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Catherine: Hello. This is 6 Minute English,
and I'm Catherine.
Sam: And I'm Sam.
Catherine: Now, Sam, what can you
tell us about cryptocurrencies?
Sam: The word is a combination
of crypto, from cryptography, which is
to do with using
clever software codes to protect
computer information and systems,
and currency, which is the money
of a particular country. So cryptocurrency,
very simply, means code money.
We usually think of money as
notes and coins which come from a
country's bank. But a cryptocurrency
doesn't have physical money. It's purely
digital and is not controlled
by banks or governments but by
the people who have it and very complex
computer codes. Perhaps the most
well-known is Bitcoin.
Catherine: Well, you seem to know
a fair bit about cryptocurrency actually...
anyway, now a new player is joining
the digital money system as Facebook
have announced they are
launching their own digital currency. They
are calling it 'Libra'. And we'll be finding
a little bit more about this topic in the
programme, but first, a question.
Now, Sam, you mentioned Bitcoin
as being a well-known cryptocurrency.
It was, in fact, the first
cryptocurrency, but when was Bitcoin
created? Was it:
a) 2008, b) 2009 or c) 2010
Sam: I'm going to say 2010.
Catherine: OK. Well, I'll reveal the answer
later in the programme.
Now, Jemima Kelly is a financial
journalist. She was talking on the BBC
radio programme Money Box Live
about the plans for Libra. She says
it's not really a cryptocurrency
because it's actually
backed up by a number of real currencies.
So which currencies does she mention?
Jemima Kelly: A cryptocurrency
is normally subject to the whims
of crypto markets, which
are notoriously volatile, whereas Libra is
kept stable by being backed up
by a basket of currencies, in this case,
the dollar, the pound, the euro and
the Swiss franc.
Catherine: So which currencies
did she say were backing up Libra, Sam?
Sam: She said that the dollar, the pound,
the euro and Swiss franc were the
currencies that would be backing up Libra.
Catherine: And this is different
from regular cryptocurrencies, isn't it?
Sam: Yes, cryptocurrencies
are completely independent of
financial institutions and
other currencies.
Catherine: And this can make them risky,
can't it?
Sam: Yes, she says that
cryptocurrency markets are notoriously
volatile. Something that is
volatile can change very quickly. When it
comes to currency, it means that its value
can go up or down by a large amount over
a very short period of time.
Catherine: And it's described as
notoriously volatile because this
has actually happened
a few times in the past. Something that is
notorious is well known or famous but for
a negative reason. So the value of
a currency going up and down
in a volatile way - that's not positive.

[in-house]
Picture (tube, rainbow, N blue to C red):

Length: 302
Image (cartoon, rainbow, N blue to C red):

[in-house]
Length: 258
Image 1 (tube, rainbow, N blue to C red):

Sam: If you want to take the risk you
could make a lot of money,
but you could also lose
a lot of money - more than you invested.
Catherine: So why are cryptocurrencies
so volatile?
Sam: Most currencies are reasonably
stable. This is the opposite of volatile.
They don't change a lot over a short
period of time. There can be big changes
but usually governments and banks
control currencies to prevent it.
Cryptocurrencies don't have
those controls.
What Jemima Kelly said was that
they are subject to the whims of the
crypto markets. A whim is
an unpredictable or irrational decision
or trend and if you are subject to
the whims of something, or someone,
it means that metaphorically you are
a passenger in a self-driving car
which may decide just to drive off
the edge of a cliff. So it might be
an exciting ride,
but it could end in disaster.
Catherine: Right, it's time now to get
the answer to the question I asked
at the beginning of the programme.
Bitcoin was the first cryptocurrency,
but when was it created? Was it:
a) 2008, b) 2009, c) 2010
Sam: I said 2010, but I'm not really sure.
Catherine: And you're absolutely wrong!
The correct answer is 2009, so no luck for
you this time, but congratulations
to everyone who did get that right.
Well, anyway, let's round off today
with a review of today's vocabulary.
Sam: First off there is cryptography
which is the use of special codes to keep
computer systems and content safe.
Catherine: A currency is the money
of a particular country, for example
in the UK we have the pound, in the US
there's the dollar and in many countries
in Europe the currency is the euro.
Sam: Cryptocurrency is a combination
of cryptography and currency and
it's used for a finance system that is
based on secure digital coins that are not
connected to banks or governments.
Catherine: We then had the expression
subject to the whims of. Whims are
unpredictable decisions
and if you are subject to them it means
you can't control them, you have
no choice but to go in the direction
those whims lead.
Sam: This means that the value of
cryptocurrencies are notoriously volatile.
They have a history of going up or down
in value by large amounts and very
quickly. And that's not good.
Catherine: Well, it might be good if it goes up!
Sam: True.
Catherine: But if you want less risk, if you
want your currency to be the opposite
of volatile, if you want it, in other words,
to be stable, then maybe
cryptocurrencies are not for you.
Sam: Well, we are subject to
the whims of the schedule
which means our 6 minutes are up.
We look forward to your company
again soon. Bye for now.
Catherine: Bye!
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BBC 6分钟英语 (Would you invest in cryptocurrencies? Listen to 6 Minute English)

2076 分類 收藏
Dawn Dong 發佈於 2019 年 8 月 19 日
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